Iâ€™ve been taking a look at Google Latitude, a new geo-location tool that looks to be an oh-so-easy way to share your location data in real time with friends and colleagues.
I installed it on my Nokia N95 8GB yesterday in a process that was one of the simplest and quickest installations on this smartphone that I can remember. The installer upgraded the copy of Google Maps that was already installed to the latest version 3; from within Maps I chose to use Latitude.
I’ve yet to get beyond a scratch of the surface of what you can do with this app, which Google says lets you do this:
- See where your friends are and what they are up to
- Quickly contact them with SMS, IM, or a phone call
- Maintain complete control over your privacy
I liked the easy way I could discover people and vice versa â€“ so far, after just a quick few uses yesterday, Iâ€™m connected with Bernie Goldbach (whoâ€™s posted a terrific video tour of Latitude by some of his students), Nicole Simon and Drew Benvie: three friends in three different countries, locations accurately identified via GPS as the map and satellite views above indicate. I can see where they are in real time and vice versa.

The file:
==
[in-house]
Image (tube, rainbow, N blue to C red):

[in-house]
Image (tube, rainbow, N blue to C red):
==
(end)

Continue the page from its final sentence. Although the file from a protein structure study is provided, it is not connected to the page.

Latitude needs a network connection for synchronizing your deviceâ€™s position with GPS satellites, and it can use either cellular or wifi if your device has that. One of the other options I like is the choice you have whether or not to leave Latitude knowing your last location when you exit the app.
Youâ€™re not limited to your mobile device, either â€“ you can also use this tool from a computer with your iGoogle account.
Iâ€™ll have more to say about Google Latitude later over on my tech blog once Iâ€™ve used it a bit more and thought more about what it signifies for mobile connectivity and social networks, just two thoughts that have occurred to me (and read Sarah Perezâ€™ RWW article for much more on that theme).
Take a look, too, at what others are saying, especially the concise but good first look by Google Operating System Blog. The Timesâ€™ focus on privacy fears is a good representation of much of the reporting in the mainstream media.
Will it work on your phone? Hereâ€™s where to find out.